‘Sin’ tax take up 39.6% in Nov.
The excise tax take from so-called “sin” products jumped by 39.6 percent year-on-year in November to P16.3 billion, data from the Bureau of Internal Revenue (BIR) showed.
In November, the BIR collected excise taxes worth P12.6 billion (up 54.5 percent year-on-year) from 558 million packs of cigarettes; P2.3 billion (up 3.1 percent) from 131 million liters of fermented liquors; P1.4 billion (up 8.6 percent) from 40 million proof liters of distilled spirits and compounded liquors, and about P11 million (up 65 percent) from 344,598 liters of wines.
As of end-November, excise tax collections from sin products grew by 26 percent year-on-year to P123.6 billion, BIR data showed.
At the end of the first 11 months, the BIR collected P86.3 billion (up 33.2 percent year-on-year) in excise taxes from some 3.8 billion packs of cigarettes; P25.2 billion (up 14.1 percent) from nearly 1.3 billion liters of fermented liquors; over P12 billion from 355 million proof liters of compounded liquors and distilled spirits, and some P28 million (down 0.5 percent) from some 1.2 million liters of wines.
The excise taxes being collected from sin products continue to grow due to the implementation of higher rates under Republic Act (RA) No. 10351 or the Sin Tax Reform Law. It restructured the rates slapped on tobacco and alcohol such that the resulting higher prices would discourage vice while also collecting more revenues to be poured into healthcare.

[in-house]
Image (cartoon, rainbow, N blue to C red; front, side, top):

Under RA 10351, cigarette packs that cost below P11.50 are taxed P21 more this year, up from P17 last year, while those priced above P11.50 are slapped P28, up from P27 in 2014.
Fermented liquor that cost less than P50.60 per liter are levied P19 (from P17 last year), while those priced P50.60 and above are taxed P22 (from P21 in 2014).
This year, distilled spirits are levied an additional P20 plus 20 percent of the net retail price per proof, from just P20 plus 15 percent last year.
Total excise taxes from sin products reached P114 billion last year.
In 2013, or the first year of implementation of the Sin Tax Reform Law, incremental revenues from tobacco and alcohol products hit P51.2 billion, 51 percent higher than the target.
Last year, incremental revenue dropped to P50.2 billion, 17 percent above the 2014 goal.
During the first two years of its implementation, Sin Tax Reform generated more than P104 billion poured into universal healthcare programs, Department of Finance data showed.
This year, the BIR targets to collect P1.674 trillion in taxes, of which P140.4 billion should come from excise taxes slapped on alcohol, minerals, motor vehicles, petroleum and tobacco. Ben O. de Vera
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